Sat, May 10, 2008 9:00 pm at Alwan for the Arts
$15 ($10 Students with valid ID)
House opens 8:30PM
Gaida Hinnawi (Vocals)
Rufus Cappadocio (Cello)
Amir ElSaffar (Santoor, Trumpet)
Brahim Fribgane (Oud, Percussion)
Tareq Abboushi (Buzuq)
Ilham is Arabic for "inspiration," and this collaborative quartet relies on the inspiration of the moment and the interplay of three different traditions to create new music with deep roots. Vocalist Gaida Hinnawi is featured, weaving her acrobatic, highly emotional singing with the cello of Rufus Cappadocia, the trumpet and santur (Iraqi hammered dulcimer) of Amir ElSaffar, and the oud and percussion of Ibrahim Fribgane. The group will perform original compositions with striking new sounds and an emphasis on improvisation transcending conventional boundaries.
Gaida Hinnawi is a vocalist and composer working at the intersection of the New York Arab and improvised music scenes. Her compositions draw at once on classical Arabic song, Syrian folk traditions, and free improvisations that expand on traditional Arabic maqams (modes) to produce an original and highly personal style marked by great emotional intensity. An acclaimed singer from an early age, Gaida was raised in Damascus and later lived in Kuwait, Paris, and Detroit, where she received classical voice training at Wayne State University. Gaida has composed and recorded for major motion pictures, including Jonathan Demme's Jimmy Carter: Man from Plains, in which she recorded with Gillian Welsh and Alejandro Escovedo. Gaida also maintains a parallel career as a speech pathologist.
Tareq Abboushi is a graduate with honors from William Paterson University with a B.M. in Jazz Piano Performance. Abboushi has been playing the buzuq for more than a decade, starting at the National Conservatory of Music in Ramallah, Palestine. He has performed with such notable musicians as Simon Shaheen (Symphony Space), David Brosa (The United Nations, Saint John the Divine Cathedral), Omar Farouk Tekbilek, and Dan Zanes (Prospect Park's Celebrate Brooklyn Festival). He has given numerous lecture demonstrations about Arabic Music at Columbia University, NYU, Juilliard, The Museum of the City of New York, and the Children’s Museums of Brooklyn and Manhattan. He is part of many groups in the New York area and is leading and composing for his own quintet SHUSMO, playing mostly original compositions of Middle Eastern/Jazz fusion. He has composed several scores for films and radio programs and was featured on several albums. He won two prizes for best film score and best CD.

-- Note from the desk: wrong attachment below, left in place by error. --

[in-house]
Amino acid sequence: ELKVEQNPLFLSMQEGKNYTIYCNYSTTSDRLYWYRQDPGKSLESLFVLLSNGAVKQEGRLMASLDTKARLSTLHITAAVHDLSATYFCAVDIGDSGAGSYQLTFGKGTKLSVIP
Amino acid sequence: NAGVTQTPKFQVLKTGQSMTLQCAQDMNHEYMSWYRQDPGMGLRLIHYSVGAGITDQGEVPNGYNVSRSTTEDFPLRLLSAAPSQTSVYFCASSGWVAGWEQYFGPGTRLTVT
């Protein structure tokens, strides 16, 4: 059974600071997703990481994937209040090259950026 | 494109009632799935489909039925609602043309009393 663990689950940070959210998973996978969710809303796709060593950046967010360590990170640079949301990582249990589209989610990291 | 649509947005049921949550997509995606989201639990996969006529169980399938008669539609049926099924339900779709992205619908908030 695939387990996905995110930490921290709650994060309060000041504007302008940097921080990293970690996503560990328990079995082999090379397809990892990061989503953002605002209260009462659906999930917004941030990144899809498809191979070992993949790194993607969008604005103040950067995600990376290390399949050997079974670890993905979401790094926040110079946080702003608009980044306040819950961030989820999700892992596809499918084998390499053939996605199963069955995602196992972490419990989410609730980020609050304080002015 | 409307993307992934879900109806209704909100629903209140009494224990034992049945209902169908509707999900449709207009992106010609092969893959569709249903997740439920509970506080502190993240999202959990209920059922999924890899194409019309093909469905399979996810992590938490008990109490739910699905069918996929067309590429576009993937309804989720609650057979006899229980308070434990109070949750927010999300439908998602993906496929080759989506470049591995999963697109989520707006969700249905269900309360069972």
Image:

Rufus Cappadocia has built a solid reputation as one of the most innovative and versatile cellists, performing at well-known venues and music festivals throughout Europe and North America. Playing on a self-designed five string cello that combines an extended technique of the bass and cello, he is able to function as both a lead and rhythm section instrument. He has honed his distinct musical voice into a form of playing that combines near eastern music with groove, blues and jazz sensibilities.
Amir ElSaffar, trumpeter, composer, singer, and santoor player, is garnering an international reputation for his work, both in the traditional Iraqi Maqam and in jazz music. He is one of the few in the world that has mastered the Iraqi Maqam, both on the santoor (Iraqi hammered-dulcimer) and as a vocalist. Additionally, he has developed a new approach to playing the trumpet, which utilizes the microtuning and ornaments that are characteristic to Arabic music. His suite, Two Rivers, which combines Iraqi traditional music with Jazz, has received much critical acclaim and has received airplay on radio stations across the US and Canada.
Brahim Fribgane, born and raised in Morocco, grew up surrounded by North African, Gnawa, Berber, Arabic and Andulusian music. Brahim's oud style, whether he's playing folkloric Berber songs, beautifully complex and soulful Arabic music, or the fusion of jazz, samba, reggae or Indian, reveals his openness to all music and appreciation of all people and cultures. Brahim is also a briliant percussionist who takes the dumbek to new levels, alternately blending and contrasting rhythms while at the same time keeping his listeners and fellow musicians rhythmically secure.
To hear a recent live recording of Rufus, Gaida, and Amir on WNYC, please click here http://www.wnyc.org/shows/spinning/episodes/2008/03/30
Last updated: 2008-05-08 14:16:59
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